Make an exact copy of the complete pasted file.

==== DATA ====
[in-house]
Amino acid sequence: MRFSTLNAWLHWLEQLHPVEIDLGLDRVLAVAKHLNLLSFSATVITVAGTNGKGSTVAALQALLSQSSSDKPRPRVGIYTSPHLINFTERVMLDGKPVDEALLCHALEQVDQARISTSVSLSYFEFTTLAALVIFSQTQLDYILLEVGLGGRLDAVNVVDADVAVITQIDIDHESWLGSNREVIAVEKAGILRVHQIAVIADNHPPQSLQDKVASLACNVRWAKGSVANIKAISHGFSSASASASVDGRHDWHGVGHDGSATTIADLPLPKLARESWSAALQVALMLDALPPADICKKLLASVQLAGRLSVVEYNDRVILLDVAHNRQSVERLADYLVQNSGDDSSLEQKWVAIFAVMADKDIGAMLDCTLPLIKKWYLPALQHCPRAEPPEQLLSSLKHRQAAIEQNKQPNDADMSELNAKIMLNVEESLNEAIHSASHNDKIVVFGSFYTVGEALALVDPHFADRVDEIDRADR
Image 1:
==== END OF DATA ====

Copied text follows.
[in-house]
Amino acid sequence: MRFSTLNAWLHWLEQLHPVEIDLGLDRVLAVAKHLNLLSFSATVITVAGTNGKGSTVAALQALLSQSSSDKPRPRVGIYTSPHLINFTERVMLDGKPVDEALLCHALEQVDQARISTSVSLSYFEFTTLAALVIFSQTQLDYILLEVGLGGRLDAVNVVDADVAVITQIDIDHESWLGSNREVIAVEKAGILRVHQIAVIADNHPPQSLQDKVASLACNVRWAKGSVANIKAISHGFSSASASASVDGRHDWHGVGHDGSATTIADLPLPKLARESWSAALQVALMLDALPPADICKKLLASVQLAGRLSVVEYNDRVILLDVAHNRQSVERLADYLVQNSGDDSSLEQKWVAIFAVMADKDIGAMLDCTLPLIKKWYLPALQHCPRAEPPEQLLSSLKHRQAAIEQNKQPNDADMSELNAKIMLNVEESLNEAIHSASHNDKIVVFGSFYTVGEALALVDPHFADRVDEIDRADR
Image 1: